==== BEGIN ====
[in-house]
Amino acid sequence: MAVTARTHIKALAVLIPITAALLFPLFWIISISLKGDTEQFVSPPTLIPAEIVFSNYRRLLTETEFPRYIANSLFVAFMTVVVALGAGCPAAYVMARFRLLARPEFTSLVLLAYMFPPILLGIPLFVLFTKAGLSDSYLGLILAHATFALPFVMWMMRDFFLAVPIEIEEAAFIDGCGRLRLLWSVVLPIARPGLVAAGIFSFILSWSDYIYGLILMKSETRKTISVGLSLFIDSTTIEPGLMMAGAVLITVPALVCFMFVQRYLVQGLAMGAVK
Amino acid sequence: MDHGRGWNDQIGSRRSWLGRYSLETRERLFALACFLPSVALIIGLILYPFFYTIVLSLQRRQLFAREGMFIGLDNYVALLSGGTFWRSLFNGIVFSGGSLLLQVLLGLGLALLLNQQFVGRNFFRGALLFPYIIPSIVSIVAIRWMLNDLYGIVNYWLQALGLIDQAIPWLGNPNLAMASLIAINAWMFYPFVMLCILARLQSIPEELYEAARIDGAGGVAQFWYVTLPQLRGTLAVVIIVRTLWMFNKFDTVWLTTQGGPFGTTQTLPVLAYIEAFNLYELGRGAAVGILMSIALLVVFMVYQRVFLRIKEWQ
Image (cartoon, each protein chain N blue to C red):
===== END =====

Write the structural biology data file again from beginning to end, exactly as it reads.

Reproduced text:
[in-house]
Amino acid sequence: MAVTARTHIKALAVLIPITAALLFPLFWIISISLKGDTEQFVSPPTLIPAEIVFSNYRRLLTETEFPRYIANSLFVAFMTVVVALGAGCPAAYVMARFRLLARPEFTSLVLLAYMFPPILLGIPLFVLFTKAGLSDSYLGLILAHATFALPFVMWMMRDFFLAVPIEIEEAAFIDGCGRLRLLWSVVLPIARPGLVAAGIFSFILSWSDYIYGLILMKSETRKTISVGLSLFIDSTTIEPGLMMAGAVLITVPALVCFMFVQRYLVQGLAMGAVK
Amino acid sequence: MDHGRGWNDQIGSRRSWLGRYSLETRERLFALACFLPSVALIIGLILYPFFYTIVLSLQRRQLFAREGMFIGLDNYVALLSGGTFWRSLFNGIVFSGGSLLLQVLLGLGLALLLNQQFVGRNFFRGALLFPYIIPSIVSIVAIRWMLNDLYGIVNYWLQALGLIDQAIPWLGNPNLAMASLIAINAWMFYPFVMLCILARLQSIPEELYEAARIDGAGGVAQFWYVTLPQLRGTLAVVIIVRTLWMFNKFDTVWLTTQGGPFGTTQTLPVLAYIEAFNLYELGRGAAVGILMSIALLVVFMVYQRVFLRIKEWQ
Image (cartoon, each protein chain N blue to C red):